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In 1848, Gold was discovered in California, causing a flood of thousands of miners and settlers to travel the west in hopes of claiming the gold. By 1851, there were approximately 360,000 Indians living west of the Mississippi, some being more peaceful, while others were more nomadic. Prior to Grants Peace Policy, a “removal and concentration” policy took place that allowed the Government to legally remove Natives from the trails that settlers travelled along heading west, and restrict them to small, less-than desirable reserves. These reserves did not provide substantial hunting ground, and the Natives were driven out of their ancestral homes. The Natives didn’t understand what they had agreed to, as the same for so many other “treaties of peace”. The Indians were bribed into signing treaties they misunderstood with promises of blankets, foods, weapons and ammo, so long as they signed the treaties. This allowed the Government to have absolutely control over the Indians in their own “territory” as they now became dependent on them for most of their supplies. Once this policy took place, the ongoing Indian Wars began between the Natives and the U.S. Armies, as both parties continuously broke the treaty. The Natives, of course, had a right to break the treaties: The reserves offered little game, the Indian agents were corrupt, and the buffalo that the Natives so heavily relied on were being slaughtered by workers building the immigrant trail and railroad lines that cut further and further into Native territory. New policies were drafted, allowing the Natives to have larger reserves near their tribal land in South Dakota, Oklahoma, and Montana; As history repeats itself, this new treaty was not implemented by all parties, and were often broken.
In 1868, Ulysses S. Grant became the 18th president in the United States, putting him in charge of not only the entirety of Americans, but also roughly 250,000 Native Americans that now fell under the federal Indian policy jurisdiction. By the time Grant had become president, the Bureau of Indian Affairs was responsible for any Native American related affairs, but had unfortunately become an organization that was corrupted and inefficient with maintaining good-standing relationships with the Indians. Leading up to the election, policy makers and reformers demanded a drastic change in the operation of the Bureau of Indian Affairs, which would be a positive outcome and hopefully and end to the violence between Americans and the Indians. They requested that instead of using violence to keep the Indians under control, the Government should use knowledge and religion in hopes to convert more Indians over to Christianity, and better civilize them. President Grant created the policy, and it in these policies, “(1) would be placed on reservations, keeping them away from contact with the immigrants, teaching them how to be farmers, and exposing them to the aid of Christian organizations; (2) when necessary, would be punished for misdeeds, which should demonstrate the efficacy of following the government’s advice rather than continuing their traditional ways; (3) high-quality supplies would be furnished to reservations; (4) through religious organizations, high-quality agents would be recruited, who would fairly distribute goods and aid in uplifting the ; and (5) through Christian organizations, churches and schools would be provided, which would lead the to appreciate Christianity and civilization and educate them to assume the duties and responsibilities of citizenship” (Stockel, H). Along with these policies, it was documented that all willing Native recipients would receive education for kids, food, clothing, and instruction on farming techniques.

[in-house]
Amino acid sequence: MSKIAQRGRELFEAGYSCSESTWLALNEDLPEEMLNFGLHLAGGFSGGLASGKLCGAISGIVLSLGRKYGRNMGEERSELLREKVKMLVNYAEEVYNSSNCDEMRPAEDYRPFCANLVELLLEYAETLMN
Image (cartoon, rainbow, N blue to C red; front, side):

By 1870, Grant, going against his own religious beliefs, appointed churchmen as agents (Quakers) that were notorious for having strict integrity and apposed all violence, to have management over the reservations. His hope was to banish the old agents who used violence against the Indians in the reserves, and replace them with loyal, honest Christians to help bring peace between the Natives and the Americans. The Grant Peace Policy had such an impressive effect that many churchmen/agents of all religions became dedicated and motivated to improve the conditions in the reserves. However, tensions began to arise again as many Catholics felt discriminated as they were in charge of a lesser amount of Natives, as well as conflicts over who should control which reservation. Despite Grants Peace policy collapsing eight years after it was implemented, this treaty became one of the few movements where the Natives were content.
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